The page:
A proposal to equip Boston police with body cameras — a measure being tried in several major cities in the aftermath of police-involved shootings nationwide — will get its first public airing Wednesday in a City Council hearing, but the city’s top officials are taking a cautious approach to the contentious issue.
“We’re not ruling it out,” Police Commissioner William B. Evans said last week. “We’re taking a slow methodical look at the benefits. I don’t want to firmly commit us until it’s vetted across the country.”
Mayor Martin J. Walsh, who shifted his position on the issue last year, said he and Evans are considering participating in a pilot program, but he has qualms.
“It really hasn’t been shown to even build trust in the community,” Walsh said. “If you’re going to do something, I don’t know that you have to legislate. I think a conversation with the commissioner and the command staff is the way to go.”
Evans raised concerns over issues of constitutionality, privacy, costs, and the cameras’ effect on the department’s relationship with the community.
“Cameras are only a small part of the solution,” Evans said. “Working hard to build strong relationships and building their trust and respect, that’s what it’s going to take to address what’s going on around the country — not a gadget on someone’s lapel.”
The deaths of unarmed black men in Ferguson, Mo., New York, South Carolina, and Baltimore at the hands of police during the past year have prompted community leaders and civil rights groups to demand more police accountability. Police in major cities like New York, Chicago, Detroit, and Washington, D.C., use body cameras or have participated in a pilot program.
Boston City Councilor Charles Yancey sponsored the proposal to be heard Wednesday at 5 p.m. It was crafted by the citizen group Boston Police Camera Action Team.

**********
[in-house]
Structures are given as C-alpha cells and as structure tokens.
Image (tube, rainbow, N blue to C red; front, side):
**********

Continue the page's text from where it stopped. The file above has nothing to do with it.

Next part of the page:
“Accountability is a very important requirement for any police department and in light of the national trend of instances where individual citizens have been subject to deadly force, it would be helpful to have documented evidence,” Yancey said.
The proposal calls for all uniformed and plainclothes officers in the field — excluding undercover or off-duty officers — to wear body cameras on their lapels and record all interactions with the public. It requires officers, who would be responsible for turning the camera on, to ensure it is recording when they are responding to calls, pursuing suspects, at crime scenes, and during searches, arrests, and physical confrontations.
“As an African-American, if there’s any one camera I want around me it’s the one on an officer because what we have seen is it’s easy for an interaction to go south very easily,” said Segun Idowu, co-organizer of the Boston Police Camera Action Team. “A lot of the time, officers’ version of events is accepted because they have on a badge, and mine is disregarded because I’m the person in conflict with the officer.”
Evans said he has been doing his homework on the issue, speaking with police chiefs across the country who have equipped their officers with the cameras and studying reports. He said the devices have been effective in recording problematic encounters and could improve job performance, but many questions loom.
“We will not be so approachable as we were before,” he said. “We have a hard time getting witnesses to talk to us as is. We’ve got something special here with the community; I don’t want to jeopardize that.”
The proposal prohibits officers from using cameras during lawful protests, inside courtrooms, or when recording an interaction that could expose a confidential informant or undercover officer. Officers who fail to wear or turn on the body cameras would be subject to disciplinary action.
Requiring body cameras also may need the union approval, Evans said, since it would be a change in work policy.